Delta Regional Authority hands out $1.5 million grant to Arkansas Rural Health Partnership

by Talk Business & Politics staff ([email protected]) 167 views 

The Arkansas Rural Health Partnership (ARHP) received one of 12 awards made by the Delta Regional Authority (DRA) in partnership with the U.S. Department of Labor (DOL) and the Appalachian Regional Commission (ARC). Funding is designed to provide employment and training services to workers and job seekers in the Appalachian and Mississippi Delta regions.

The rural south Arkansas Delta region bordering the Mississippi River and northern Louisiana is largely known for its agriculture and manufacturing sectors. Lack of sufficient education and employment opportunities for new and returning entrants into the workforce threatens to further escalate increasing outward migration trends in the region.

In a region recognized for high poverty, unemployment, and outward migration rates, dozens of job openings sit vacant at healthcare organizations across the south Arkansas Delta. There are few individuals with the proper qualifications or training to fill the slots. Meanwhile, soon-to-graduate high school students and other individuals looking to re-enter the workforce are largely unaware of the promising training and employment opportunities available only minutes from their doorsteps.

The new project, Connect to Tech AR, will support individuals living in south Arkansas Delta communities to successfully move through the health workforce pipeline and into career placement (health information technology (HIT) and telehealth fields with a local healthcare partner.

The Arkansas Rural Health Partnership (grantee) will engage education (high schools, colleges & universities), healthcare (hospitals, federally qualified health centers & clinics) and local workforce (economic development) partners across the Delta region to recruit, train, mentor, and employ 70 individuals across the three-year grant.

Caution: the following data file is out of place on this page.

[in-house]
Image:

Grant funds will equip 70 Arkansas Delta students to help meet existing local healthcare workforce needs through tuition assistance (including books and laptop), apprenticeships, one-on-one support, community health worker training, and career placement with a local healthcare provider.

“With such drastic health workforce shortages in the region, the only way to provide a real and lasting solution to the problem is to build a locally grown health workforce. We believe that no one knows or cares more about rural healthcare than those that live and work in rural areas. More and more of our efforts are focused on supporting our rural students and new entrants into the workforce through training, education, and financial support to meet our local rural health workforce needs. On behalf of the Arkansas Rural Health Partnership, we are thrilled to see the U.S. Department of Labor invest directly in our rural south Arkansas Delta region,” said Mellie Bridewell, ARHP Chief Executive Officer.

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